No sane individual likes being the bearer of ill tidings, but we all get a turn at being the villain occasionally. When giving someone bad news it is best to soften the blow if possible with a little kindness and empathy, at least in this manner you won’t come off as a sadistic tormentor gleefully basking in the pain of another. While your best efforts may not be perceived as well as you hope, you can walk away secure in the knowledge that your intentions were pure and honorable.
When most people receive bad news emotions come to the forefront, and some are quick to lash out at the messenger. In these cases there is not much the individual giving the bad news can do other than just walk away. Regardless of what is said in the form of comfort, it requires a receptive recipient to have any affect. A person with the mindset to employ the use of a whipping boy when getting bad news cannot be rational, and therefore it is best for the person giving the news to do so quickly and leave. In this situation whatever the individual giving the bad news says is wrong, and will be misconstrued to create a scene. Just walk away.
When giving someone bad news it is imperative to choose words wisely, and use a minimum of words to get the point across. Extended dialog, rants, and personal perspectives only cloud the issue and can make the basic information confusing. Speak softly, clearly, make good eye contact and recognize the other person is being hurt, even if they don’t show it outwardly. This is not to suggest that giving bad news be done in a monotone voice or with robotic characteristics. However, if the individual giving bad news is animated, it may promote an animated response, which can turn into quite a public scene. If possible, always give someone bad news in a private one-on-one situation, as this can maintain the dignity of both parties involved.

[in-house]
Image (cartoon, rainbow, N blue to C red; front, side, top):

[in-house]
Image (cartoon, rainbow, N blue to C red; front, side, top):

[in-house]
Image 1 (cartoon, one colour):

It is a great help in giving bad news if both individuals know each other well and have a relationship of mutual respect. In this circumstance the recipient of the bad news will know the other persons intentions are honest, with no embellishment of facts and no mean spirited design.
When giving someone bad news, put yourself on the other side of the conversation. Think of how you would like to be told bad news, and change your approach in accordance with the severity of the situation. Telling a work associate they have a flat tire is a little different than telling them a family member passed away – be diverse in your strategy. Good communication is the key and the ability to think quickly on your feet can make bad news much more palatable if sprinkled with kindness.